Some estates can be very complicated, if your deceased loved one left behind a lot of assets like homes, businesses, art, commercial real estate, etc., and a lot of debts. On the other hand, some estates can be very simple, if your deceased loved one did not have many assets or many debts. If you think you have a fairly simple estate, you may be able to use a muniment of title proceeding to administer your estate quickly.
What Is a Muniment of Title?
A probate of a will as a muniment of title is a probate process that is unique to Texas. It allows someone trying to administer a simpler estate with few assets and few debts not to go through a full probate. In other words, it is a simpler way to establish that a will is valid to pass specific property to the beneficiaries named in the will. When a will is probated as a muniment of title, no executor is appointed so no one has legal authority to act generally on behalf of the estate.
Why Should I Use a Muniment of Title?
Often, there are unexpected issues that arise in probating a will on behalf of a loved one. Sometimes, the will does not name an executor. Other times, the named executor is dead, unwilling to serve, disqualified, or is not independent. The muniment of title procedure can sidestep these problems.
Additionally, probate is not normally a fast process and a muniment of title proceeding can take less than 60 days from start to finish. A muniment of title makes a lot of sense if all you need to do is transfer title to some small property to beneficiaries, and the court does not need to manage the estate.
When Would I Use a Muniment Of Title?
A muniment of title should be considered when an estate has no unsecured debts, like credit cards and hospital bills, that need to be paid and the only assets that need to be transferred to the beneficiaries are real estate and bank accounts.
For example, if you only need to probate a will to clear or transfer title to your loved one's home or bank accounts, then a will can likely be admitted to probate as a muniment of title.
However, if the estate includes publicly traded stocks, bonds, and similar assets, a muniment of title is usually not advisable, because transfer of these types of assets often requires an executor who has authority to act on behalf of the estate under Letters Testamentary issued in a standard probate proceeding.
How Does the Muniment of Title Work?
As with a traditional probate of a will, an interested party, like an heir or beneficiary, must file an application in a court with jurisdiction over probate matters. In Arlington and Fort Worth, for example, the application should be filed in the Tarrant County Probate Court. Also like a traditional probate, the court must agree that there is a valid will, and it is admissible to probate.
However, with the muniment of title, the court must find that there are no unpaid debts of the estate, except for mortgages on real estate and that there is no need to proceed with a full administration of the estate.
The Application for Probate of a Will as a Muniment of Title must declare the following to the best of the applicant's knowledge:
- Each applicant's name and domicile
- The decedent's name, domicile, and, if known, age on their date of death
- The time, and place of the decedent's death
- Facts showing that the application should be heard in the court in which it is filed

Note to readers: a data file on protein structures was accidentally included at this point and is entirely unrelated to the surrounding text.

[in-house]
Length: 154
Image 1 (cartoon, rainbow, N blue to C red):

- A statement generally describing the decedent's property and its probable value
- The date of the will
- The name and residence of any executor and witness named in the will, if any
- The names of any surviving children, born or adopted, of the decedent
- That the estate does not owe unpaid debts, other than those secured by mortgages on real estate
- If decedent divorced after the will was made and, if so, name of prior spouse and date of divorce
- If the state, a governmental agency, or a charitable organization is named in the will as a beneficiary
After the application is filed, the court will then have a hearing on the validity of the will. If the will is valid, the court may admit it as a muniment of title if the court is satisfied that decedent's estate does not owe unpaid debts, besides mortgages on real estate or if it finds for another reason that there is no need for administration of the estate. Once the will is admitted to probate as a muniment of title, title to the property listed in the will passes to the beneficiaries.
What Should My Lawyer Do For Me in a Muniment of Title?
First, your lawyer will review the will to see if it qualifies to be filed as a muniment of title. Then he or she will draft the application for you with information that you provide and file it with the court. Once the court has set a hearing date on your application, your lawyer will go with you to court to “prove up” the will by asking you questions under oath in front of the judge. After the hearing, your lawyer will draft the proposed order that the court will use to finalize the muniment of title. And finally, he or she will draft and file an affidavit with the court within 180 days of the judge signing the proposed order that details which terms of the will have been completed and which have not.
Muniment of title actions are not for the faint of heart. Because there are some very strict requirements, there are some easy mistakes to make and you should see a lawyer about a muniment of title case. Since this process is unique to Texas, you also should not use them when the decedent owned assets in a state other than Texas. You may have to file a second action in the state where the property in question is located, which defeats the purpose of a muniment of title action.
If you have recently lost a loved one, you might consider the use of muniment of title to probate the will. If so, you should probably consult with an experienced Texas probate lawyer.
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